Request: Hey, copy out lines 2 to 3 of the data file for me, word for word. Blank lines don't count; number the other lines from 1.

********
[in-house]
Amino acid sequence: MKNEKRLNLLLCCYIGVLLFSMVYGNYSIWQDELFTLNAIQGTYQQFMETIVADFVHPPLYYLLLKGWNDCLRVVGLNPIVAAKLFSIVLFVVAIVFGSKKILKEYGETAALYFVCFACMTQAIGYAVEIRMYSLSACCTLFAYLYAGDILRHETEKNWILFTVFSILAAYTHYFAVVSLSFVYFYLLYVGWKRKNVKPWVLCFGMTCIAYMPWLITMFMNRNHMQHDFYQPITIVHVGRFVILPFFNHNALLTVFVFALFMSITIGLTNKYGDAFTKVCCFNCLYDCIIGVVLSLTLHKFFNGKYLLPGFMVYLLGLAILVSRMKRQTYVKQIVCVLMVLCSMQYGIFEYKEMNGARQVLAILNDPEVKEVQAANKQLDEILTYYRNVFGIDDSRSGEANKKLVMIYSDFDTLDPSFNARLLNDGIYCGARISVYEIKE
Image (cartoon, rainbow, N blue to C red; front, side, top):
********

Amino acid sequence: MKNEKRLNLLLCCYIGVLLFSMVYGNYSIWQDELFTLNAIQGTYQQFMETIVADFVHPPLYYLLLKGWNDCLRVVGLNPIVAAKLFSIVLFVVAIVFGSKKILKEYGETAALYFVCFACMTQAIGYAVEIRMYSLSACCTLFAYLYAGDILRHETEKNWILFTVFSILAAYTHYFAVVSLSFVYFYLLYVGWKRKNVKPWVLCFGMTCIAYMPWLITMFMNRNHMQHDFYQPITIVHVGRFVILPFFNHNALLTVFVFALFMSITIGLTNKYGDAFTKVCCFNCLYDCIIGVVLSLTLHKFFNGKYLLPGFMVYLLGLAILVSRMKRQTYVKQIVCVLMVLCSMQYGIFEYKEMNGARQVLAILNDPEVKEVQAANKQLDEILTYYRNVFGIDDSRSGEANKKLVMIYSDFDTLDPSFNARLLNDGIYCGARISVYEIKE
Image (cartoon, rainbow, N blue to C red; front, side, top):